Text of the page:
What You Must Know As A New Landlord

Becoming a new landlord can open up a world of confusion with regard to rental rules and regulations. You have a number of responsibilities as a landlord, but so does your tenant, and it’s not always easy to know whose is whose. The purpose of this guide to tell you exactly what you are legally obliged to do when you start renting your property.


As landlord, you are responsible for checking the legal documents of your renters. You need to make sure that anyone you rent to has the right to rent a property in the United Kingdom, and you should make copies of the documents that prove this. A list of acceptable documents can be found on the UK government website. While you must ensure that your renters are legally residing in the UK, you must not discriminate based on nationality.

If you’re unsure about whether your renter has the right to rent in the UK, you can check with the Home Office. Just ask the renter for their Home Office reference number.

Any deposit must be kept in a government-backed tenancy deposit protection scheme.


Gas: You must make sure the gas equipment supplied to a property is safely installed and maintained by an engineer registered as "Gas Safe." You also need to make sure that a registered engineer completes an annual gas safety inspection of all gas-related appliances on the property. You should give your tenant a copy of the gas safety check record, before moving in and within 28 days of the check.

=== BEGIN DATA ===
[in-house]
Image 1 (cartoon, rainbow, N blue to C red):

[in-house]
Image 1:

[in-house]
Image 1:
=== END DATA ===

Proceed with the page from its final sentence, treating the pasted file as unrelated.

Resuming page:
Electrical: Make sure all sockets, light fittings, electric cookers, and kettles are safe before the tenant moves in.

Fire: You should follow local and national safety regulations, and provide a smoke alarm for each storey of the property, as well as a carbon monoxide detector in any room with an in-use fireplace or wood stove. Make sure all escape routes are unblocked and accessible at all times. Furniture and furnishings should also be fire safe. Sufficient alarms and extinguishers also need to be provided for what are known as Houses in Multiple Occupation (HMO), or those properties with three tenants forming more than one household.


You are responsible for covering all needed repairs to the structure and exterior of the property, as well as to basins, sinks, baths, pipes and drains. In addition, heating and hot water, gas appliances, pipes, flues, ventilation, and electrical wiring are in your charge as well. You also need to repair any damage to common areas, like staircases, and any damage done while attempting other repairs.

When a tenant contacts you for repairs, you also need to give them an idea of when the work will be done; they need to continue paying rent while they’re waiting. However, if you don’t complete the repairs in a timely manner, the tenant does have the right to contact the local council.

For more information about what your responsibilities as a new landlord are, check out the Owning and Renting a Property section of the UK government website.